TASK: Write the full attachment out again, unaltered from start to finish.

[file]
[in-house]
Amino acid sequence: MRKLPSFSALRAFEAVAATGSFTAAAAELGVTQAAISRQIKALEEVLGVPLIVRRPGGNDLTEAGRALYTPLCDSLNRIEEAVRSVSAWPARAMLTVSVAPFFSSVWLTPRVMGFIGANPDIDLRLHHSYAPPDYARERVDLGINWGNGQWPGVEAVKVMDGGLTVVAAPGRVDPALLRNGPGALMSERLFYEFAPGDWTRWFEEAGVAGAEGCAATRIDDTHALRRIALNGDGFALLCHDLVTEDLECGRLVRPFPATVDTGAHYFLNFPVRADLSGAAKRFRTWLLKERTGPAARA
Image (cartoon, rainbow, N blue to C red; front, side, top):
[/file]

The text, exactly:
[in-house]
Amino acid sequence: MRKLPSFSALRAFEAVAATGSFTAAAAELGVTQAAISRQIKALEEVLGVPLIVRRPGGNDLTEAGRALYTPLCDSLNRIEEAVRSVSAWPARAMLTVSVAPFFSSVWLTPRVMGFIGANPDIDLRLHHSYAPPDYARERVDLGINWGNGQWPGVEAVKVMDGGLTVVAAPGRVDPALLRNGPGALMSERLFYEFAPGDWTRWFEEAGVAGAEGCAATRIDDTHALRRIALNGDGFALLCHDLVTEDLECGRLVRPFPATVDTGAHYFLNFPVRADLSGAAKRFRTWLLKERTGPAARA
Image (cartoon, rainbow, N blue to C red; front, side, top):